In 1990 Croatia was, with Slovenia and the Czech Republic, among the most developed Central European transition countries. However, its economic development was burdened by significant war damage, estimated at $37.1 billion, which made its transition to a market economy more difficult. The level of pre-war GDP (1990) was only reached again in 2004, and today’s GDP per capita amounts to 61% of the EU average (2012). The kuna, the national currency, was introduced in 1994.

The Croatian Academy of Sciences and Arts is the oldest in Southeast Europe (1866) and has up to 160 full members (academicians) in its 9 departments. It also encompasses several scientific-research and art institutes, as well as numerous scientific boards and councils.

Croatian emigrants on board ship heading for Canada, 1923. According to estimates, the Croatian diaspora, from Europe across North and South America to Australia, comprises over two and a half million people.

The Croats put the Glagolitic script into print in the very earliest period of European printing, in the 15th century, and five incunabula were printed in Glagolitic. The incunabulum, Glagolitic Missal, was published on 22 February 1483, in Croatian Church Slavonic, only 28 years after Gutenberg’s Bible. It is the first ever missal in Europe to have been printed in a non-Latin script, and the perfection of the letters and the beauty of the typesetting and printing make it an absolute masterpiece of the printer’s art.

Croatian Revival, by Vlaho Bukovac, the curtain at the Croatian National Theatre in Zagreb. Croatia has 60 professional theatres where more than 8,733 performances were given in 2012 to over 1.7 million viewers. In addition, more than 2,800 performances were put on in children's theatres, and more than 1,100 in amateur theatres.

Contemporary Croatia

The process of the emergence of the contemporary state of Croatia began with the crisis in Communism in Eastern Europe in the late 1980s, the strengthening of democratic movements and the restoration of multi-party systems. Such movements ...

Education system

The beginnings of schools and education in Croatia date back to the 10th century, and up to the 18th century were linked to the Church and priesthood. Systematic education of the people began during the reign of Maria Theresa, who issued ...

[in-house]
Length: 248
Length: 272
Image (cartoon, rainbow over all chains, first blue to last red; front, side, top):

Counties

The basic units of regional self-government are the counties (županija in Croatian). The present administrative territorial division of the country was introduced in 1997, when the 1992 division was changed. Smaller administrative territorial units within counties ...

Branches of the economy

Croatia does not have large quantities of mineral resources. Coal and other mines (bauxite) were closed in the 1970s and 1980s. There are significant sources of non-metal minerals, which are used as raw materials ...

Major companies

In Croatia there are several large companies under private ownership which play a significant role in foreign trade. Some of them are significant technological innovators ...

Development of the state

The names Croat and Croatia in the country as it is today have gradually superseded the ethnically wider concept of the Slavs and their first territorial groupings, Sklavonija, Slovinje (Sclaviniae), and the individual ...

Croatia in union with Hungary

After the death of the last member of the Trpimirović dynasty, King Stjepan II, there was a battle for the throne in Croatia, which ended with the election of the Hungarian king, Coloman from the Arpad dynasty, and the contracting of ...

Croatia in brief

Croatia has been present on the contemporary international political stage since its independence from the Yugoslav Federation, i.e. for a little over two decades, but in terms of history and culture, is one of the oldest European countries ...